As we mentioned earlier today, we’re seeing sizable outflows heading into the end of the trading year in two Mid Cap equity focused ETFs.
Specifically, we notice over $1.3 billion leaving VO (Vanguard Mid-Cap) and more than $1 billion flowing out of IJJ (iShares Mid-Cap 400 Value). The two funds respectively have about $16.6 billion and $5.6 billion in assets under management.
So these larger inflows are worth noting, even if they are simply tax-related portfolio tilts or performance/end-of-quarter linked trading. Even with the latest outflows, VO has still had a more than respectable year in 2016 in terms of attracting net assets, with more than $2.2 billion in while IJJ has still managed to attain a net positive $700 million in during this time frame.
The two largest Mid-Cap equity ETFs in the U.S. listed universe are IJH (iShares Core S&P Mid-Cap, Expense Ratio 0.07%, $34.7 billion in AUM) and MDY (SPDR S&P Mid-Cap 400, Expense Ratio 0.25%, $18.8 billion in AUM), and IJH has turned in a solid 2016 in terms of asset gathering thus far ($3.2 billion in), while MDY has attracted much less ($910 million in).
The Mid-Cap Equity space is fertile ground for a number of issuers and fund offerings in terms of investor popularity, at least judging by current assets under management levels, as outside of the four funds previously mentioned here, we see several popular Russell Index based products like IWR (iShares Russell Mid-Cap, Expense Ratio 0.22%, $14.3 billion in AUM), IWS (iShares Russell Mid-Cap Value, Expense Ratio 0.25%, $9.1 billion in AUM), and IWP (iShares Russell Mid-Cap Growth, Expense Ratio 0.25%, $6.7 billion in AUM), which clearly have hefty asset levels. Furthermore, there are eight other funds outside of this list that have north of $1 billion in AUM, with some larger than the $5 billion level, from fund sponsors such as iShares, Vanguard, Schwab, and WisdomTree.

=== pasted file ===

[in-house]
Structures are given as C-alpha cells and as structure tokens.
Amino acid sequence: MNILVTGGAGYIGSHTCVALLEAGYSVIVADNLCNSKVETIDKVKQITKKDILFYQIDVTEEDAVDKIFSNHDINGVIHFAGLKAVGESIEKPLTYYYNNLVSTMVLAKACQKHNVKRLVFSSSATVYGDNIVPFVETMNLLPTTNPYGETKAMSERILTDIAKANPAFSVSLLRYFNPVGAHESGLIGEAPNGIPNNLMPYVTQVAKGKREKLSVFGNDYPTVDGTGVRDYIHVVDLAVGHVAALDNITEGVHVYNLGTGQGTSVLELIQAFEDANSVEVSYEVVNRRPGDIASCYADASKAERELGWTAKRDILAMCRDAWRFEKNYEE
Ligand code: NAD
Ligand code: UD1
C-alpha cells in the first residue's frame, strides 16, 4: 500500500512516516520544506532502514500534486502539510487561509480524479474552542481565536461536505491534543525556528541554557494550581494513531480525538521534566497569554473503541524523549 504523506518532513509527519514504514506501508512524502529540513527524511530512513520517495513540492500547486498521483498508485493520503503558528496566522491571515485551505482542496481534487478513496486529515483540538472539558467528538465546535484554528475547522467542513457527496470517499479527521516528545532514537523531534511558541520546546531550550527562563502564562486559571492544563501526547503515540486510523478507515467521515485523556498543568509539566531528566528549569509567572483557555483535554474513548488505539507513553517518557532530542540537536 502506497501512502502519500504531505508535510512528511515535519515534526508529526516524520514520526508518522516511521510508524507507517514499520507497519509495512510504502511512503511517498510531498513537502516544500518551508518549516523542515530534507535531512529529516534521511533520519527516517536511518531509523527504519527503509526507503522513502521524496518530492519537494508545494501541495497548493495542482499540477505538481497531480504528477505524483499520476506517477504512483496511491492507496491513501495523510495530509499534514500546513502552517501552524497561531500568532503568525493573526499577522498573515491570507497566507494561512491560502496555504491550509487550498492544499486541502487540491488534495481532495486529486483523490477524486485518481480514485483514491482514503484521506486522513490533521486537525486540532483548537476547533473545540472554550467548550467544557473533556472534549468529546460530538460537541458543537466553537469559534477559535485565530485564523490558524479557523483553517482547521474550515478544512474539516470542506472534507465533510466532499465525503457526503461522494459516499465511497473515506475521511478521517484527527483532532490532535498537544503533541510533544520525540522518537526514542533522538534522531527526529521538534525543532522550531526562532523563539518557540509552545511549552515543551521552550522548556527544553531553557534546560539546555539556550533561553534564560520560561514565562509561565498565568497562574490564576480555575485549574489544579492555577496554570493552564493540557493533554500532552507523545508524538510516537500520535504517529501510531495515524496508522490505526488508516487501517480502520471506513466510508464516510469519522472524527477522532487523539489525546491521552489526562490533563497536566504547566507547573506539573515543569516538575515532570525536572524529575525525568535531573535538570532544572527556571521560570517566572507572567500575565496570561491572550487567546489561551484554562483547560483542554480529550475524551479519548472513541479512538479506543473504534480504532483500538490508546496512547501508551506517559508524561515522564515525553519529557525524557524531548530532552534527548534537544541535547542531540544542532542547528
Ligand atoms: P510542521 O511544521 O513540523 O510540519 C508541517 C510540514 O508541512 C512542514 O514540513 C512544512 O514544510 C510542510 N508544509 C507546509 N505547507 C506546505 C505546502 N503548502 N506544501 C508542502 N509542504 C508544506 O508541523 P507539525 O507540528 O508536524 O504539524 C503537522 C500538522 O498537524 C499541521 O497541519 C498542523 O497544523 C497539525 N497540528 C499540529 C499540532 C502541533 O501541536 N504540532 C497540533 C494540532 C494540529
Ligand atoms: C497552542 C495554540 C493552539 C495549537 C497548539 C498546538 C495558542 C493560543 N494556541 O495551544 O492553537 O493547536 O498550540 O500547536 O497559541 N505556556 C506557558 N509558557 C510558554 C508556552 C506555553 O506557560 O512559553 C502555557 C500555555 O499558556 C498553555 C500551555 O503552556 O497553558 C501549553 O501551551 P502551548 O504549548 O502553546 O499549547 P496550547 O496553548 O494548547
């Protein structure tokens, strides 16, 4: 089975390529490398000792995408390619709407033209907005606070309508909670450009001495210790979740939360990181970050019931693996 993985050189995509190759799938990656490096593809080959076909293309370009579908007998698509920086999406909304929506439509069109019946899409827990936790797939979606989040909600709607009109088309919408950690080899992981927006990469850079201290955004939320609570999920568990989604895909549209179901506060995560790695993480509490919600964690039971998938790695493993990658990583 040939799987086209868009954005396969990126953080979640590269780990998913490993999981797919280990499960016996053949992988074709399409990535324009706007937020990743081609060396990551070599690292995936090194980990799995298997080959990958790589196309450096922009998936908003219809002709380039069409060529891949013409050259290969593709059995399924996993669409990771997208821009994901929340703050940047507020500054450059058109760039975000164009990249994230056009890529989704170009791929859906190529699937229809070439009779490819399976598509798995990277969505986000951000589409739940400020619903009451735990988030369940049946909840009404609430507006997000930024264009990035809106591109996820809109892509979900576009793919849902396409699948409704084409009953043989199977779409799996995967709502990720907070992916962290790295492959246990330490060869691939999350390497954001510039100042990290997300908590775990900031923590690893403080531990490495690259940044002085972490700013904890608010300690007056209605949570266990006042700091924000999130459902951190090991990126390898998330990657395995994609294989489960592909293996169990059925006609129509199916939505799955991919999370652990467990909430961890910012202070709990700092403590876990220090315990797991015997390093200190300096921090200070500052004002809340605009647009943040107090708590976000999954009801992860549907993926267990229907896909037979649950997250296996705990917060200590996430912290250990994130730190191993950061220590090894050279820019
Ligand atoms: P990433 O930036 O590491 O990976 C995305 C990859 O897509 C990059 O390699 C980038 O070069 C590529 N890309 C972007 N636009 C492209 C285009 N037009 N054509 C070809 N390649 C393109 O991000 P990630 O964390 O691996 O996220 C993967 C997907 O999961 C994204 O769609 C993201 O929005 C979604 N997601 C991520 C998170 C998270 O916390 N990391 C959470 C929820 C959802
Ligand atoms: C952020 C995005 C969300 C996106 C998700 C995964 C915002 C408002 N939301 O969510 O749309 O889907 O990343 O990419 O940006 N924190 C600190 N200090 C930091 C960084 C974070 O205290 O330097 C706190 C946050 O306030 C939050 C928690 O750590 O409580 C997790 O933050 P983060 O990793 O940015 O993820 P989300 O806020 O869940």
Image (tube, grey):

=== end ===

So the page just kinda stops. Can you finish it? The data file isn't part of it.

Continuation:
Disclaimer: The content of this article is excerpted from a daily newsletter from Street One Financial. While ETF Daily News may edit the contents and add a relevant title to the piece, the author, Paul Weisbruch, does not endorse or recommend any issuer or security mentioned herein.
He holds his Series 4 (Registered Options Principal), 6, 7, 55 (Equity Trader), 63, and 65 licenses. He graduated from the University of Pittsburgh (B.S. – Economics), graduating magna cum laude, and has an MBA from Villanova University.